Suulisus ja kirjalikkus allikaparimuses Taevaskoja Emalatte naitel
ORALITY AND LITERACY IN SPRING LORE ON THE EXAMPLE OF EMALATE AT TAEVASKOJA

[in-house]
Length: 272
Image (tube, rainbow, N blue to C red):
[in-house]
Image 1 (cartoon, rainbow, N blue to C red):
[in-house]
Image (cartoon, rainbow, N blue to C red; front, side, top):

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The working hypothesis of the article is that in a real life situation environmental awareness based on oral heritage is more appropriate than acting based on the knowledge of written heritage. An opportunity to check it out was provided by the collapse of the Emaläte (Mother’s Spring) at Taevaskoja, southern Estonia, on 27 June 2013, and the subsequent discussion on whether and how to liquidate the consequences of the collapse, not losing respect for the natural sacred traditions of a variety of users and stakeholders associated with the place. We used the case study method with semi-structured interviews conducted with representatives of various parties of the discussion: a school teacher whose family had lived at Taevaskoja for four generations, a village elder, a researcher of natural sacred places, a representative of a nature conservation organisation, and regional manager of the of State Forest Management Centre. A large part of urban Estonians have obviously moved so far from folklore that it does not play any role in their life. But another part of the population still needs it. Old stories include environmental behavioural guidelines concerned with sacred places and nature conservation. Legends associated with sacred places have a number of environmental awareness-raising restrictions, commands, and warnings: one should not scrape the sand next to the sacred spring, the Neitsiläte (Virgin’s Spring) can be visited only by innocent virgins, one should not step into the spring. Other holy springs have abundant references to avoiding pollution and impoundment of the spring flow. Members of the community were taught through stories about behavioural habits in the holy places. Today, the behavioural regulations concerned with sacred places are written down in the laws and established penalty rates. However, it does not work as effectively as the immediate oral history in the community. We can discuss environmental issues on the basis of the Emaläte case. The authorities want to expose the sacred objects to the public, but this increases the ecological footprint and may damage the object. The traditional nature conservancy manifests itself in the oral heritage – legends about sacred places. None of the parties that participated in the discussion knew what others had done at the holy spring. Those who did not visit the place very often thought that everything that had happened after the collapse of the cave was a natural process. In fact, many people had been cleaning up the vicinity of the sacred spring for the past three years. What can be concluded is that natural sacred places can be put in order so that the majority of people do not even notice it. This provides an interesting reference to the information about other sacred springs in Estonia, which says that the springs must be regularly cleaned up. This is somewhat different from the reports on sacred groves, which state that “not even a branch could be allowed to cut from the trees”. Sacred springs are not only meant for performing religious rituals at a beautiful place, but they need to be cleaned up and the water has to be accessible to visitors. To ensure this, the sacred springs were periodically cleaned, in order to keep their natural balance and to preserve the purity of the water. Consequently, one might conclude that, after the collapse of the cave of the Emaläte, the removal of the rubble from the collapsed cave should seriously undermine neither people’s religious beliefs nor the environment. The local people who had acted according to their oral heritage and cleaned the spring again, had demonstrated environmental awareness based on traditional spring lore.
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